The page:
Moderator: Jonathan Maltzman, MD, PhD
7:00 – 8:15 am Immunosuppressive Agents and Infectious Disease
Moderator: Emily Blumberg, MD
Renal Disease in Liver Transplantation
7:00 – 8:15 am Moderator: Roy Bloom, MD
Wednesday, May 4
7:00 – 8:15 am Role of Mechanical Circulatory Support in Heart Transplantation
Moderator: Mariell Jessup, MD
10:00 – 10:30 am The Not-So Distant Future of Organ Transplantation – Ethical Obstacles and Opportunities
Art Caplan, PhD
American Transplant Congress 2011
About the Penn Transplant Institute
The dream of curing illness and injury through transplant is probably as old as the history of healing, but the scientific knowledge that has made modern organ transplant possible developed primarily during the past 50 years. While the first successful kidney transplant—between identical twins—was performed in the 1950s, it wasn’t until the introduction of anti-rejection drugs in the late 1970s that organ transplant became an accepted and successful treatment.
“Our experience and expertise extend beyond just heart transplants or liver transplants, to include all organs—heart, lung, liver, kidney, pancreas and multiple organ transplants, such as heart/lung and kidney/pancreas.
- Abraham Shaked, MD, PhD
The depth and breadth of experience of the transplant teams is what distinguishes Penn from other transplant programs, according to Abraham Shaked, MD, PhD, chief of Transplantation surgery at Penn and director of the Penn Transplant Institute.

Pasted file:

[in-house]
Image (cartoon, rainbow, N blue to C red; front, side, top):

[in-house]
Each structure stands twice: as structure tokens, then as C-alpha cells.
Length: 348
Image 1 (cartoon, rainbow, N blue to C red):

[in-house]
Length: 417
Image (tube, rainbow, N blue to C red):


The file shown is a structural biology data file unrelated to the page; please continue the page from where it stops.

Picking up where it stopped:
“We are the best transplant center in that our experience and expertise extend beyond just heart transplants or liver transplants, to include all organs—heart, lung, liver, kidney, pancreas and multiple organs, such as heart/lung and kidney/pancreas,” said Dr. Shaked. “Our program is very busy, very experienced and very stable, but most importantly we have very, very good results.”
In fact, the success rates for all of Penn’s transplant programs are equal to, and in most cases exceed, the national averages as reported by the United Network for Organ Sharing (UNOS). Penn maintains its record of successful outcomes even though its physicians and surgeons are treating some of the sickest patients.
The Penn Transplant Institute works closely with Gift of Life, the regional organ procurement organization and the largest organ procurement organization in the country. The Hospital of the University of Pennsylvania is an approved member of the United Network for Organ Sharing (UNOS). Teamed with UNOS and Gift of Life, Penn is dedicated to increasing awareness of the need for organ and tissue donation.